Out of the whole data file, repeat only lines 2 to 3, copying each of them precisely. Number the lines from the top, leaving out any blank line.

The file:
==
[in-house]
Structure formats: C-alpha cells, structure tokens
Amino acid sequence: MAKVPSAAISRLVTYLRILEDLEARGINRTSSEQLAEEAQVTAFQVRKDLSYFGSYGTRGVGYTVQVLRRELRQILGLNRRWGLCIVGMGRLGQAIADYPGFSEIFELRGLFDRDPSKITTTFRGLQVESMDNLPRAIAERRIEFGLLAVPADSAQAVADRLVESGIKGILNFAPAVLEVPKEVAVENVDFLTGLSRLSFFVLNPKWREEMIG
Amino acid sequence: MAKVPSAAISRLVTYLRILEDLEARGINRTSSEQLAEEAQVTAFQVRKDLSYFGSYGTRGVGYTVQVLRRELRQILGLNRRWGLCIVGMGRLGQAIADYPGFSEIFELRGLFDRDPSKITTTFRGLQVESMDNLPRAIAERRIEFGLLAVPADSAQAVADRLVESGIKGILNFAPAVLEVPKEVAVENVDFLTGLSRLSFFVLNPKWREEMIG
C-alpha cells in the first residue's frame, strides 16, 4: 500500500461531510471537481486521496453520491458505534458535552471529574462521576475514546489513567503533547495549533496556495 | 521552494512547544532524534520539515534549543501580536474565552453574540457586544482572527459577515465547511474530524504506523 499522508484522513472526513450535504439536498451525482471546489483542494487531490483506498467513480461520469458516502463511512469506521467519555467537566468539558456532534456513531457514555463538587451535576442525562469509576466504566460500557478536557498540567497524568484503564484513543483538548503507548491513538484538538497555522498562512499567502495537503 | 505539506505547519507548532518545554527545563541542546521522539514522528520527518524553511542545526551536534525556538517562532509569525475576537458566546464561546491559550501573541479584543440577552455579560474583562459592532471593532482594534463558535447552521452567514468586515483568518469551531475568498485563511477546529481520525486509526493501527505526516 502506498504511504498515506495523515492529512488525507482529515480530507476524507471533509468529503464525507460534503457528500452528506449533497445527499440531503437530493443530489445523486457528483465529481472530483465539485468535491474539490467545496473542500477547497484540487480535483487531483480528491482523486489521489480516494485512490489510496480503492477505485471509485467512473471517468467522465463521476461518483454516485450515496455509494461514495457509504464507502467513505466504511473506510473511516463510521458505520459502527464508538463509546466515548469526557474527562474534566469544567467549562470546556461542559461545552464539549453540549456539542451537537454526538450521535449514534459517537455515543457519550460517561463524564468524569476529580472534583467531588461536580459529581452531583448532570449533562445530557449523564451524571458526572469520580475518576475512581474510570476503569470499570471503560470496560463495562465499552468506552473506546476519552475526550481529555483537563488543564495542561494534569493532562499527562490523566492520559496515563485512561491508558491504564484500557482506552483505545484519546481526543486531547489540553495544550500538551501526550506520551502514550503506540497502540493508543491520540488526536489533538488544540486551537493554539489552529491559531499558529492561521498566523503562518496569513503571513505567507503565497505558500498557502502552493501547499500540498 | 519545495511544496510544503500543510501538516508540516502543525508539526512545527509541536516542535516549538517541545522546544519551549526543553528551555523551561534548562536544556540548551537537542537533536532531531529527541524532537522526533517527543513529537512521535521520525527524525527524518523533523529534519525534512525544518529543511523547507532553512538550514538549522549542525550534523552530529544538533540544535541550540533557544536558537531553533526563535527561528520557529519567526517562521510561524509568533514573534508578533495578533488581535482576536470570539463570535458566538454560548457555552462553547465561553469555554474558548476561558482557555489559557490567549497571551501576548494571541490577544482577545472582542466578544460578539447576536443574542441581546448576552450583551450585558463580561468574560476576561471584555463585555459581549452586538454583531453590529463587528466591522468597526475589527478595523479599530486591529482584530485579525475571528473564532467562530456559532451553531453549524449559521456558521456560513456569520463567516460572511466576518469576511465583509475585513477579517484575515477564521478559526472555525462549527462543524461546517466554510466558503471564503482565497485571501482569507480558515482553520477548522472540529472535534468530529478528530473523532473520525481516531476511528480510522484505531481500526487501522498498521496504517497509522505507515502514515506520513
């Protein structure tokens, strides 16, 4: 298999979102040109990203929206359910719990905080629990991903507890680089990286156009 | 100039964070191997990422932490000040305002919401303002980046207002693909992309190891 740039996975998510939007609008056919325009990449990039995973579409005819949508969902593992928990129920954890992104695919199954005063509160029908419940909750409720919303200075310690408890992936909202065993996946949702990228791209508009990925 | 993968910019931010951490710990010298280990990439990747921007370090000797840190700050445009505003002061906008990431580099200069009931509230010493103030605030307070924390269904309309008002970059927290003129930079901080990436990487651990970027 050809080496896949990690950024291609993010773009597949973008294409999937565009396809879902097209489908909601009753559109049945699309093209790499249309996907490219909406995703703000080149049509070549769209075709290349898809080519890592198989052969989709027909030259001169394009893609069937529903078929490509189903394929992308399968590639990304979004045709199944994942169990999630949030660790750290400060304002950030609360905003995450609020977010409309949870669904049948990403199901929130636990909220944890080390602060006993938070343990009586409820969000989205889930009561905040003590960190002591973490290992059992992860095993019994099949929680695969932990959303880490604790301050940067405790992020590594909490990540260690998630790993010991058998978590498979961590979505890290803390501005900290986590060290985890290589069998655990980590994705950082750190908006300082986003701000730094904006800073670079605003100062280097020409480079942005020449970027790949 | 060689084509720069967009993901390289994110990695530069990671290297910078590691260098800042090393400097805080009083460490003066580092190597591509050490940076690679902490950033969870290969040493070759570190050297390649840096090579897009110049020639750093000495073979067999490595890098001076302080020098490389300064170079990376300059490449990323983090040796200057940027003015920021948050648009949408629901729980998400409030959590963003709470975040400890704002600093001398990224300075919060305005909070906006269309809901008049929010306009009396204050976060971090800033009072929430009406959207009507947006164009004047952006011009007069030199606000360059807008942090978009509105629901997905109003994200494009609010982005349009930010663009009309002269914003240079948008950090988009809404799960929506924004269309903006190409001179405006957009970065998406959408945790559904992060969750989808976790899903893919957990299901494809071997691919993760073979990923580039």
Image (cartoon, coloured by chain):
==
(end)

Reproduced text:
Structure formats: C-alpha cells, structure tokens
Amino acid sequence: MAKVPSAAISRLVTYLRILEDLEARGINRTSSEQLAEEAQVTAFQVRKDLSYFGSYGTRGVGYTVQVLRRELRQILGLNRRWGLCIVGMGRLGQAIADYPGFSEIFELRGLFDRDPSKITTTFRGLQVESMDNLPRAIAERRIEFGLLAVPADSAQAVADRLVESGIKGILNFAPAVLEVPKEVAVENVDFLTGLSRLSFFVLNPKWREEMIG